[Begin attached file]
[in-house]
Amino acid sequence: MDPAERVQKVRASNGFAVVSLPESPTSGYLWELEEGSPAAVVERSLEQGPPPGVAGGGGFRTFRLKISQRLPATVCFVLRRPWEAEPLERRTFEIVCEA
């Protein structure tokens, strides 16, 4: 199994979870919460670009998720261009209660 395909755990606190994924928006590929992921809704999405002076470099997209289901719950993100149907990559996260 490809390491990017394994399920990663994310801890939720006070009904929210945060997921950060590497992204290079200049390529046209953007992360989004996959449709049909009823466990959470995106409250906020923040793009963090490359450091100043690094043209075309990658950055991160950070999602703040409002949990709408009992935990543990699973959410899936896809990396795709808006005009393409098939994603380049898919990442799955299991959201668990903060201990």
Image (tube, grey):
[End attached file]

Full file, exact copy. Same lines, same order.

[in-house]
Amino acid sequence: MDPAERVQKVRASNGFAVVSLPESPTSGYLWELEEGSPAAVVERSLEQGPPPGVAGGGGFRTFRLKISQRLPATVCFVLRRPWEAEPLERRTFEIVCEA
């Protein structure tokens, strides 16, 4: 199994979870919460670009998720261009209660 395909755990606190994924928006590929992921809704999405002076470099997209289901719950993100149907990559996260 490809390491990017394994399920990663994310801890939720006070009904929210945060997921950060590497992204290079200049390529046209953007992360989004996959449709049909009823466990959470995106409250906020923040793009963090490359450091100043690094043209075309990658950055991160950070999602703040409002949990709408009992935990543990699973959410899936896809990396795709808006005009393409098939994603380049898919990442799955299991959201668990903060201990």
Image (tube, grey):